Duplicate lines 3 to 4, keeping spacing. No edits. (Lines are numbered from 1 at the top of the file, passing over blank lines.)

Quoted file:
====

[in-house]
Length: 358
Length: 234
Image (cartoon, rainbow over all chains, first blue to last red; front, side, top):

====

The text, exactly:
Length: 234
Image (cartoon, rainbow over all chains, first blue to last red; front, side, top):